Gurcharan Das is one of the favorite Indian writers. I loved his India Unbound and I follow his columns as well. I read his book ‘The Difficulty Of Being Good’ this week.
‘The Difficulty Of Being Good’ explores the subtle art of Dharma. The book revisits the story of Mahabharata and presents it from the perspective of different traits of its characters. Envy, Courage, Revenge, Dharma, Remorse etc. are explored. The author also adds recents anecdotes of Satyam, Reliance and other events to give it a contemporary linkage.
The central theme is discussions around Dharma. Draupadi questions Yudhistir on what did he achieve after following Dharma? He got only grief and pain. She asks – Why be good? Yudhistira says – I act because I must. That is the central definition. Right Action itself is the reward.
Mahabharat concludes that wealth and pleasure follow Dharma yet Dharma is not pursued. Dharma means praying for well-being of others. Through thoughts, actions and speech, if we can do good for others, it is Dharma.
The common problem is that we would feel bad if we act according to Dharma and yet the other one is unjust. Or worse our opponent / rival, exploit our goodness. The response is again the same – Following Dharma itself is a reward. Of course, one should try to be smart. Mahabharata does not following Gandhian principle of offering the other cheek. (The book says that Gandhi succeeded because the opponent was Britain. British are rational and logical and workable. But it we had toxic terrorist regimes as opponents, Gandhi may not have succeeded. Who knows?)
Dharma in everyday life is doing one’s best. Living life with compassion and equanimity is vital. One could live life like a twig of tree and respond to the currents of life water appropriately.
The other interesting points are:
1. Mahabharat is ‘A series of precisely stated problems imprecisely resolved’ !
2. Time cooks us all. (Remember the opening of B R Chopra’s Mahabharat – Main Samay Hoon). Time cooks beings. Why would the war happen otherwise?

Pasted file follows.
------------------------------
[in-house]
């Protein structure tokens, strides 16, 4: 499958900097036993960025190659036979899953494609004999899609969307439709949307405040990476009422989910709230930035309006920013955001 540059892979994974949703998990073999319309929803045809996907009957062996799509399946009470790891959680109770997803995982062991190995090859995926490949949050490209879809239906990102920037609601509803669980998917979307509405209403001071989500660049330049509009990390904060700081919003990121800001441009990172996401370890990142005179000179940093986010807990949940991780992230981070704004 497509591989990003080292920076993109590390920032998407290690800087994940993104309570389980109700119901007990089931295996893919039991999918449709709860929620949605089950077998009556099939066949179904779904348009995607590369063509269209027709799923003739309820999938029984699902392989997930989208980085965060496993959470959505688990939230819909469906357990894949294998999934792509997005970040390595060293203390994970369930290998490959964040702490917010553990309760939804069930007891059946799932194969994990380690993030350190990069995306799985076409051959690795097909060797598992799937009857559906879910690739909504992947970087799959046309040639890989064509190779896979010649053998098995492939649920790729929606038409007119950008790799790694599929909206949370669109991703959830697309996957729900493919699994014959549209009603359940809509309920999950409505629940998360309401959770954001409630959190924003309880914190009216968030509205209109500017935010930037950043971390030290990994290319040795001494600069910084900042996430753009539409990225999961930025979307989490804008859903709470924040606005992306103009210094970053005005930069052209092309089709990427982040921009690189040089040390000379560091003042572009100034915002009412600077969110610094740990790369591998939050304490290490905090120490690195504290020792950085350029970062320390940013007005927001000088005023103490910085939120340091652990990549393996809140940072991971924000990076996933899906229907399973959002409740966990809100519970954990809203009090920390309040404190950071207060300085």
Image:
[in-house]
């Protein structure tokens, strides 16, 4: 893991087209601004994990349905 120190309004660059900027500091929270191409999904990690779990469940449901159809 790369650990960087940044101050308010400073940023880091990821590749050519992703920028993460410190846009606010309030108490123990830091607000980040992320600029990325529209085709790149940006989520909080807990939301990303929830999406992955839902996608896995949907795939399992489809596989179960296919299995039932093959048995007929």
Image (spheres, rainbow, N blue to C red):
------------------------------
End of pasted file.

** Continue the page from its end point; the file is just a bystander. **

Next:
3. Mahabharata is a story of deception. Deception happens on both side. It might have been difficult for Pandavas to emerge victorious without breaking many rules. Killing of Drona, Karna and gunning down Bhishama were not according to the war rules. Krishna would term as strategic moves.
4. It is not easy to classify Kauravas and Pandavas as bad and good. The better word would be to state that Pandavas are the preferred side.
5. The claim of Pandavas to throne was never a clean one due to ambiguity of lineage. Strictly speaking, King Pandu had no sons.
6. Kauravas had deep envy of Pandvas. Author gives example of Ambani brothers. Envy kills !
7. Disrobing of Draupadi had many questions. How could a king who has lost himself wager his wife?
8. Action always beats inaction. Action is fruit in itself.
9. Yudhistira cursed that women will not be able to keep the secrets – that is where it started 🙂
He was not happy that his mother did not tell him about Karna.
10. Yudhistira has once to choose to save only his one brother from four brothers who are dead. He choses Nakula so that each of his two mothers have only surviving son. His sense of justice is exemplary.
I found it is as a different and interesting read. It reinforces the belief in doing our best and not worrying about results. It tells about pursuing the right path of Dharma. Krishna tells that it does not matter if you bend the rules for the righteous victory – I do not agree to this though ! The path is sometimes as important as the goal. Difficult in today’s times !
Though I believe Bhagwad Gita is the best management book. The central theme is Action ! Read my Bhagwad Gita review.
‘The Difficulty Of Being Good’ is worth reading for sure !